The liver has been shown to contain a facilitated diffusion glucose transporter with high K(m) for glucose that is structurally distinct from the low K(m) glucose transporters found in most other tissues. We find that 3-O-methyl gluose is greater than 90% equilibrated across dispersed islet cells within 60 s, consistent with a facilitated diffusion transport mechanism. L-Glucose uptake was minimal throughout the time course, indicating stereospecificity. Measurement of glucose transport over a range of 3-O-methyl glucose concentrations from 0.05 to 60 mM revealed the presence of a component of glucose transport with an apparent K(m) of 17 mM, a value essentially identical to that previously reported for liver. Interestingly, a second component of glucose transport was also observed with an apparent K(m) of 1.4 mM, as has been reported for other tissues such as erythrocytes that are known to contain the 'HepG2' or 'erythroid/brain' type glucose transporter. Further evidence for the existence of two transport components is provided by the observation that a low concentration of cytochalasin B (0.4 μM) completely inhibits the low K(m) transport activity but has no effect on the high K(m) transporter. The kinetic similarity of high K(m) glucose transport in liver and islets is readily understood in light of our structural analysis. Sequence analysis of cDNA clones indicates that the liver and islet glucose transporters have identical sequences and, thus, are the products of the same gene.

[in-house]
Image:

|Original language||English (US)|
|Number of pages||4|
|Journal||Journal of Biological Chemistry|
|State||Published - May 16 1990|
ASJC Scopus subject areas
- Molecular Biology
- Cell Biology